If you are experiencing problems downloading PDF or HTML fulltext, our helpdesk recommend clearing your browser cache and trying again. If you need help in clearing your cache, please click here . Still need help? Email help@ingentaconnect.com

Reducing delirium in elderly patients with hip fracture: a multi-factorial intervention study

$48.00 plus tax (Refund Policy)

Download / Buy Article:

Abstract:

Background:

There is an evident need for improved management of elderly patients with trauma in order to avoid common and troublesome complications such as delirium. The aim of this study was to investigate whether an implementation of a multi-factorial program including intensified pre-hospital and perioperative treatment and care could reduce the incidence of delirium in elderly patients with hip fracture, cognitively intact at admission to the hospital. In addition, we explored the factors that characterize patients who developed delirium. Methods:

A prospective, quasi-experimental design was used. A total of 263 patients with hip fracture (≥65 years), cognitively intact at admission, were consecutively included between April 2003 and April 2004. On 1 October 2003, a new program was introduced. All patients were screened for cognitive impairment within 30 min after admission to the emergency department using The Short Portable Mental Status Questionnaire (SPMSQ). To screen for delirium, patients were tested within 4 h of admission and thereafter daily, using the Organic Brain Syndrome scale. Results:

The number of patients who developed delirium during hospitalization was 74 (28.1%), with a decrease from 34% (45 of 132) in the control group to 22% (29 of 131) in the intervention group (P=0.031). Patients who developed delirium were statistically older, more often had >4 prescribed drugs at admission and scored less well in the SPMSQ test. Conclusion:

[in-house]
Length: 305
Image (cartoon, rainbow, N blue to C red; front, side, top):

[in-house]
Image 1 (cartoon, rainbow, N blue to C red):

The use of a multi-factorial intervention program in elderly hip fracture patients, lucid at admission, reduced the incidence of delirium during hospitalization by 35%.

Document Type: Research Article

DOI: http://dx.doi.org/10.1111/j.1399-6576.2010.02232.x

Affiliations: 1: Orthopedics, Clinical Sciences 2: Psychogeriatrics, Clinical Sciences, Lund University, Lund, Sweden 3: Department of Cardiothoracic Surgery, Lund University Hospital, Lund, Sweden 4: Anesthesiology and Intensive Care, Clinical Sciences

Publication date: July 1, 2010

Related content

Tools

Favourites

Share Content

Access Key

Free Content
Free content
New Content
New content
Open Access Content
Open access content
Subscribed Content
Subscribed content
Free Trial Content
Free trial content
Cookie Policy
X
Cookie Policy
ingentaconnect website makes use of cookies so as to keep track of data that you have filled in. I am Happy with this Find out more